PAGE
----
Friday, 21 June 2013

Iron and Wine-Ghost on Ghost

Ghost on Ghost is the fifth studio album from Texas based singer songwriter Sam Beam who performs under the name Iron and Wine. To me there seems to be a misconception that Beam has taken a more commercial or pop oriented turn on this album, but I can't hear it. Iron and wine albums always offer up an array of musical styles and this seems to be something that he has concentrated on over the last few studio albums. There are elements of soul, 70's California and jazz, the most striking distinction is the twisted syncopated sound of the drums on some of the songs. There seems to be more of a focus on the percussive rhythm texture of each song, there is a certain funkiness to the music. As always there is a denseness to the sound but there are less loops and electronic sounds on the album.

The album opens with Caught in Briars which veers off towards a spiralling middle eastern sound, it's wonderfully disconcerting. The Desert Babbler is a dreamy soul number with a great vocal arrangement, like a lot of his songs it's hard to decipher but his there is a certain cynicism to his songwriting. His songs take on a visual element, especially when he writes in the third person they take on a descriptive narrative. Joy has a late 70's feel to it, it sounds a bit like Chris Rea's Fool If You Think It's Over. Lover's Revolution is the standout track, jazz driven with unrepentant horns and a cynical devious intent.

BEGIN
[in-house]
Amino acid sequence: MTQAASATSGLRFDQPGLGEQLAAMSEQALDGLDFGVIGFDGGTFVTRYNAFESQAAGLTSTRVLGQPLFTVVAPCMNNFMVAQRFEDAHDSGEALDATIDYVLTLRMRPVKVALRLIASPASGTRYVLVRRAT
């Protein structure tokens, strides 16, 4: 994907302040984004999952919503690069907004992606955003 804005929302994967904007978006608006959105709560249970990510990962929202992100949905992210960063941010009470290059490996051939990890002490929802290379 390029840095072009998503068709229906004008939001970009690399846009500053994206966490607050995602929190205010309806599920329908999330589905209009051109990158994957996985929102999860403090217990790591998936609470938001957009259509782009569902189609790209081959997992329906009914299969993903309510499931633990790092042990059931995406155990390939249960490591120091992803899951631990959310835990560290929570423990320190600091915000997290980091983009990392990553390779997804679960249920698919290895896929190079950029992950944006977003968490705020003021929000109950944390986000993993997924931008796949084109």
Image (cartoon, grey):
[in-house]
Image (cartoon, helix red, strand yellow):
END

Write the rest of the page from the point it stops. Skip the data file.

The every eye beneath the mountains saw the smoke but no one heard the blast
No one knew the arm was broken, but everyone signed the cast,
Until the compliment was good, she said I though you'd never ask
And when the world wore out their welcome, they just booked up for a bag of grass
But when she cried on the grounds we were all sucking the laughing grass
And when the hat had left the body not a flag was hanging on us.

New Mexico's No Breeze has that West Coast 70's feel, laid back, contemplative, it's a song looking back over the shoulder. A road trip tearing out of Santa Fe, but there is a darkness to the story it's not all smooth stones. Low light Buddy of Mine strips things back with more of a focus on Sam Beam's vocals, it's another song that has this intricate wordplay, there is a great depth to his lyrics but he often anchors it to something you can comprehend, relationships, love etc.

He's in a white car waiting for the light to change
He's a buddy of mine but I can't complain
He can make a lot of money, he can touch his toes
He knows you never look til the lights are low

Singers and the Endless song has a narrative that to me is framed in Beam's southern roots, against a blues black drop and sharp horns and layered vocals.

Wanna tell them about the deed and the shovel
About the prison and the promised land
Gonna tell them about the dream of the devil
About the hurting and the healing hand
That hand

Grace for Saints and Sinners has this wonderful stream of words that just floats across the song

There were banged up hens stealing first base
Underneath the tables so we never sang grace
Falling out of bed for the workday week
There was kissing in the cracks of the flash flood streets
There were button blossoms and merry Johnny Rottens

The narrative style of his writing seems to have a connection with the southern tradition, but then he marries that to the style of Bob Dylan and writes from the shadows like all great songwriters. Ghost on Ghost is a great album for those who want to listen and get swept away in the music.

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